2013-14 Unit Plan
Biological Sciences

Mission Statement

The Department of Biological Sciences offers general education, transfer and allied health courses that develop lifelong learning skills for comprehending the natural world and thinking critically regarding scientific information.

Program Description

The Biology Department provides varied offerings to meet the needs of a diverse student population. (a) General Education courses satisfy Butte College Associate degree requirements and/or GE criteria at transfer universities. Options include Introduction to Biology (BIOL 1), Human Biology (BIOL 2), Ecology and Field Biology (BIOL 5), Sustaining Life on Earth (BIOL 7), Current Issues in Biology (BIOL 9), and Honors Current Issues in Biology (Biol 9H). (b) Biology Transfer Major courses in Zoology (BIOL 11), Botany (BIOL 12) and Cell/Molecular Biology (BIOL 13) parallel lower division core courses required for biology students at four-year institutions. They provide a foundation prior to specialization in upper division university work leading to a Bachelor's degree in biology or a related field. They also serve students who plan for advanced degrees in medicine, dentistry, veterinary medicine or research biology. (c) Allied Health courses in Human Anatomy (BIOL 20), Human Physiology (BIOL 21) and Microbiology (BIOL 15) prepare students for vocational programs and careers in nursing, respiratory therapy, paramedic, physical therapy, dental technician, chiropractic and others. The emphasis is on applied biological knowledge as it relates to fields of human health.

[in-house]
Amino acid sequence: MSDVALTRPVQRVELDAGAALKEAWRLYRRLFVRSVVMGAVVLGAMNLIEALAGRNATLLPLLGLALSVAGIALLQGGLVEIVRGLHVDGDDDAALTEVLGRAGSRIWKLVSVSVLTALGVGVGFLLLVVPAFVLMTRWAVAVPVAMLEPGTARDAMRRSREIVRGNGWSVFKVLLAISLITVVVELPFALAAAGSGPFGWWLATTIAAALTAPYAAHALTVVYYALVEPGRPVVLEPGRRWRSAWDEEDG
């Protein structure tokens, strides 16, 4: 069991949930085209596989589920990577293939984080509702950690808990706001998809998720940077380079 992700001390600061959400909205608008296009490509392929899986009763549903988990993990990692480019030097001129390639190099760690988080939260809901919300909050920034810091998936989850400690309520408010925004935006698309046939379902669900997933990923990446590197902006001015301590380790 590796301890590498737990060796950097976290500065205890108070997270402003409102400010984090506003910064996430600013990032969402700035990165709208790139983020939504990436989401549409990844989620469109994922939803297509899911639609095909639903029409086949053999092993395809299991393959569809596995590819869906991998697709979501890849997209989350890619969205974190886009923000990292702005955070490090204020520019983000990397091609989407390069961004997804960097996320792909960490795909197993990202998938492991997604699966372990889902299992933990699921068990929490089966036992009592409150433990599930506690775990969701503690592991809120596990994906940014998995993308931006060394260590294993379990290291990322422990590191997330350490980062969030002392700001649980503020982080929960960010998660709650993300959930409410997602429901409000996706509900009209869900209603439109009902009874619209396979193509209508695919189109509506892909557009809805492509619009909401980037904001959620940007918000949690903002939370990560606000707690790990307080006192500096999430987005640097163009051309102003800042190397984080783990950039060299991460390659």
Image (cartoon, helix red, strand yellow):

During the 2011-12 academic year, the Biology Department had maximum enrollments in 82 course sections; 32 in General Education, 6 for Biology Majors and 44 in Allied Health. Demand for classes is very high with all class seats and waitlists filled to capacity before the first day of instruction. The department’s fill rates are among the highest for any discipline on campus (113% for 2011-12) as we add a few students over pedagogical caps in many sections. Even with relatively low sections caps dictated by lab room constraints (24-26), department efficiency is very good with an FTES/FTEF ratio at 37.0 for 2010-11. Also, despite the academic rigor required in Biology Major and Allied Health coursework, student retention and success rates hover around 90% and 70% respectively.